The American Civil Liberties Union says the ordinance targets young men of color.

Young adults in the village, like 21-year-old Joe Klomes, say the new law infringes on their personal style. He says leaders should instead spend money on making the area look nicer.


Man kills wife, sister-in-law and self

ST. LOUIS | Police in Missouri say a man killed his wife and her sister and brutally beat his brother-in-law before taking his own life in a community outside St. Louis.

St. Louis County police say Boris Shotekoff, 57, drove from place to place to attack his three victims on Friday.

Police say Shotekoff shot himself Saturday morning.

Authorities say Shotekoff’s wife, Iva T. Shotekoff, was found dead at their home near Creve Coeur.

Her body was discovered after police found her sister beaten to death at an office in nearby Overland.

The sister’s husband was found beaten at their home. He is hospitalized in critical condition.

Motive for the attacks was not immediately known.


Suspect held in stolen statue case

CHERRY HILL | Police say a bronze horse statue stolen from a now-defunct New Jersey racetrack has been broken up and sold to a salvage yard for a fraction of its value.

At the going rate, the bronze from the 1-ton statue sells for about $4,000. As a piece of art, it was worth about $500,000.

The statue was cut off its base outside the old Garden State Park horse racetrack. Part of it was found nearby, the rest at a Camden salvage yard.

Police say a tip led to Saturday’s arrest of Ian MacDonald, 33, on theft and conspiracy charges. Police are seeking three other suspects.

Mr. MacDonald is being held in lieu of $55,000 bail.


Emergency landing interrupts air show

DAYTON | A Northwest Airlines airplane made an emergency landing at Dayton International Airport, temporarily halting the Ohio city’s air show, an airport official said.

Dayton aviation director Iftikhar Ahmad said the twin-engine Boeing 757 was en route from Tampa, Fla. to Detroit Sunday when one of its engines failed. Mr. Ahmad said the crew made an emergency landing at Dayton as a precaution.

Nobody was injured.

The Dayton air show was temporarily halted while the plane landed but resumed less than an hour later.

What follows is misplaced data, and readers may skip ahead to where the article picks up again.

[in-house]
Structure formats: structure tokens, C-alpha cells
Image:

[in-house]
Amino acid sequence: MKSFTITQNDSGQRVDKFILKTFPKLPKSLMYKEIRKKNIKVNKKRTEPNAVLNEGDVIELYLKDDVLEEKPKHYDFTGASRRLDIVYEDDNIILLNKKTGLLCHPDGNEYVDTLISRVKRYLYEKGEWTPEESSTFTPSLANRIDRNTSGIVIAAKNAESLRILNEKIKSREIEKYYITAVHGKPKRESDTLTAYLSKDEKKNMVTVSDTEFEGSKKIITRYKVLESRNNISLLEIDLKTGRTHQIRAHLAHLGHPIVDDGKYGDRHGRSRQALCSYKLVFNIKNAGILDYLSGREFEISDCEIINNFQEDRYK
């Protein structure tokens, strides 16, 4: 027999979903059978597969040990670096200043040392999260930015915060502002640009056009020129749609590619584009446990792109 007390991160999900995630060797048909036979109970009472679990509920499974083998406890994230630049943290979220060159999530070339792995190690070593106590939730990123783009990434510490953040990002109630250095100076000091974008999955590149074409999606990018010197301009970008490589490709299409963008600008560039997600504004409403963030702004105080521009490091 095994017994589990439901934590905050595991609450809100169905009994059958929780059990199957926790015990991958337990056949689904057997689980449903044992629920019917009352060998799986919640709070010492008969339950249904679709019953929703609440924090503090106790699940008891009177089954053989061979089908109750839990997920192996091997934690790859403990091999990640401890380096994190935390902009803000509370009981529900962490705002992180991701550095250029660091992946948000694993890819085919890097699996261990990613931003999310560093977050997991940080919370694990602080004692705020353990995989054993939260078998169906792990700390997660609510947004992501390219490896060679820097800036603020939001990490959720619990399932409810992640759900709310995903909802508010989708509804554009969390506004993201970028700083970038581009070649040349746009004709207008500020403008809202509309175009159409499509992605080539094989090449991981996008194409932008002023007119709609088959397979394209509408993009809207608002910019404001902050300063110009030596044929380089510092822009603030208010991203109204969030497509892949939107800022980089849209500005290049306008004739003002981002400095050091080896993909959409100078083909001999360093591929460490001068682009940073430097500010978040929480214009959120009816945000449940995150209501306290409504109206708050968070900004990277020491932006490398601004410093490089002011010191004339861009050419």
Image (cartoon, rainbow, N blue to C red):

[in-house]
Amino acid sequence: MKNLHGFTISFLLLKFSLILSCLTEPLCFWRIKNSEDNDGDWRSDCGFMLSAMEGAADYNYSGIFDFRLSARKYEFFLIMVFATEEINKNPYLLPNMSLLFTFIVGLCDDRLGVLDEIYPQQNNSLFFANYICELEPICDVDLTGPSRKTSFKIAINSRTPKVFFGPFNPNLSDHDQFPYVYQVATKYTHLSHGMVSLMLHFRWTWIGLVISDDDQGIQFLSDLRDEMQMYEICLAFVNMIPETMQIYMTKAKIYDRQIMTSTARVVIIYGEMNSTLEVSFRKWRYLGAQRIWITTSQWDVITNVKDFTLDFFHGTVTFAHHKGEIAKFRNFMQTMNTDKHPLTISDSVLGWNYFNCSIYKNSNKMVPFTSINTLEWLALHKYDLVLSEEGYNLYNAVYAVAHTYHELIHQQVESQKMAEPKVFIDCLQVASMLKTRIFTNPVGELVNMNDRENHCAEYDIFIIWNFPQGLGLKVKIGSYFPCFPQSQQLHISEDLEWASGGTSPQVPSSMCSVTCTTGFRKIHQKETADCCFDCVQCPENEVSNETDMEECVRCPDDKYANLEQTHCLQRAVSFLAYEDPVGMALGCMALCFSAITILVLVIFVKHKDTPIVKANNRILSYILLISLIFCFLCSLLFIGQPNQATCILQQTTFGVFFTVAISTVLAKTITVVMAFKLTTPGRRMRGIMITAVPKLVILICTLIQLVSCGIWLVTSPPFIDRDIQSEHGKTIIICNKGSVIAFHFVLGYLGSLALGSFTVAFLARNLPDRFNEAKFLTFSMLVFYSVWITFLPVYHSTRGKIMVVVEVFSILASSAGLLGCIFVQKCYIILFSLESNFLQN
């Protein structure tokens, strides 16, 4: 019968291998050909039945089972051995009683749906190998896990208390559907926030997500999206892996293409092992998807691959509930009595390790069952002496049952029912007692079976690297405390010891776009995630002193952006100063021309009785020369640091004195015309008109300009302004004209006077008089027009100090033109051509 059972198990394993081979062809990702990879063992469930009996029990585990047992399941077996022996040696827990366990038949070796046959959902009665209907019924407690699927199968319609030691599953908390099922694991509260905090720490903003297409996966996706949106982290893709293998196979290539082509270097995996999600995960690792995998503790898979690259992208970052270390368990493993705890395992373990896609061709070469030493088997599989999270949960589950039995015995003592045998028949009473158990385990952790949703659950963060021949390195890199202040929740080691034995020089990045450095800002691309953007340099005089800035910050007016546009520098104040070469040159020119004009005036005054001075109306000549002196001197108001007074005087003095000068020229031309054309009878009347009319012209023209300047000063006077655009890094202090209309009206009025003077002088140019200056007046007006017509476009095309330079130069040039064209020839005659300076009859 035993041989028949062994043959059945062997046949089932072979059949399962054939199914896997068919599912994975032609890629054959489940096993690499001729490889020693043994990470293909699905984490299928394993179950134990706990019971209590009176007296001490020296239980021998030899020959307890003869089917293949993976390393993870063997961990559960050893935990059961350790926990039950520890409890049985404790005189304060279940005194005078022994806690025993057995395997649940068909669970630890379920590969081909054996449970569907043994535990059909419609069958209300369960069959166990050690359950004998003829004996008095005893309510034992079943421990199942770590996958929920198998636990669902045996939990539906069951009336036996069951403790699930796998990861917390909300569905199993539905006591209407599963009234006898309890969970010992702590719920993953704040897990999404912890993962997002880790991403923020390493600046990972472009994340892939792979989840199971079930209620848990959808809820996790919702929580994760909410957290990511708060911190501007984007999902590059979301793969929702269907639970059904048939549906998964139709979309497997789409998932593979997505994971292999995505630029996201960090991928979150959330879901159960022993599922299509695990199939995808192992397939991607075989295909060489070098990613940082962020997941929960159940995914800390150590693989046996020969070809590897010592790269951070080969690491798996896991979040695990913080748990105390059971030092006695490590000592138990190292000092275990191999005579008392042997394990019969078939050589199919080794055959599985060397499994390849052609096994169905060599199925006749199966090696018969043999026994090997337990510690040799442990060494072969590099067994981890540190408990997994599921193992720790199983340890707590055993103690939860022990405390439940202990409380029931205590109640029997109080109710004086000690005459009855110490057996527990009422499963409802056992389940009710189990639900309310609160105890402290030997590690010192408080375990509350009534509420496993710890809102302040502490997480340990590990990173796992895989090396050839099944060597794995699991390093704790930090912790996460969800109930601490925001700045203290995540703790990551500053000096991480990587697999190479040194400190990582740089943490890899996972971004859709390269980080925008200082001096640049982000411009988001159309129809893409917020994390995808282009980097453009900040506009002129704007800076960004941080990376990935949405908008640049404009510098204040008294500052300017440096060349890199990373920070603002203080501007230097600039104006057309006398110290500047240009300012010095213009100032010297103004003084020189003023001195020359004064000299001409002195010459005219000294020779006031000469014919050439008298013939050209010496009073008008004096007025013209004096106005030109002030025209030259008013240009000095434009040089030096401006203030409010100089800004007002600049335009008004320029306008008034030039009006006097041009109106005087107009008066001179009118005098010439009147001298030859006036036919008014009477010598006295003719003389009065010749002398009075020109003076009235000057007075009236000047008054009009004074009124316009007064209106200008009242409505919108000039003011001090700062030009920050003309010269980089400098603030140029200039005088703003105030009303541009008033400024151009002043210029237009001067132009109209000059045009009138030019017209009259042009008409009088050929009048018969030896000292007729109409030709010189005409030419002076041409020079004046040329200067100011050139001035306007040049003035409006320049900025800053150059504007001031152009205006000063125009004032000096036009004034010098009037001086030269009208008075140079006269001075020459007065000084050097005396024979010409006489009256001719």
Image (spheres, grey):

Officials do not yet know what caused the engine to fail.


Woman identified in baby mystery

PITTSBURGH | The woman whose body was found with her uterus cut open and who appeared to have been pregnant has been positively identified as an 18-year-old, the Allegheny County medical examiner said Sunday.

Dr. Karl Williams, the medical examiner, said the identity of 18-year-old Kia Johnson was confirmed with dental records. She is from McKeesport, just outside Pittsburgh.

Ms. Johnson’s body was found Friday in the Wilkinsburg apartment of Andrea Curry-Demus.

Investigators are trying to verify whether Ms. Johnson was the mother of a baby boy that Ms. Curry-Demus, 38, took to a Pittsburgh hospital Thursday.

Police say Ms. Curry-Demus falsely claimed the baby was her own, then later said she had bought the baby.

The medical examiner had said there were indications that the victim was pregnant.

The baby was “apparently doing well,” Dr. Williams said Saturday. The hospital would not release any information about the boy’s condition.

Ms. Curry-Demus was charged with child endangerment and dealing in infant children, and ordered jailed in lieu of $10,000 bail and a psychiatric exam.


Volunteers needed for sandbag removal

JEFFERSON | About 100 volunteers showed up Saturday to remove some of the thousands of sandbags used to keep a Wisconsin city above floodwater.

About 250,000 sand bags were stacked in Jefferson, on the Rock and Crawfish rivers, the Milwaukee Journal Sentinel reports.

“I have a feeling some of the volunteers today are going to be too pooped out and worn out to work tomorrow,” said Alderman Bill Braudel.

During the flooding in the Midwest, thousands of volunteers turned out to stack sandbags in temporary floodwalls, move library books to safe locations and help in shelters.

City officials say they hope to get most of the bags out of residential areas this weekend. They say others stacked around places like the sewage-treatment plant can wait for a while.

The rivers were still above flood stage Saturday, but it was by inches, not feet.

Another problem is what to do with all that sand - something city, county and state agencies are still debating. Mr. Braudel said that since it has been in contaminated water, it can’t just be dumped in sand pits and sandboxes.

From combined wire reports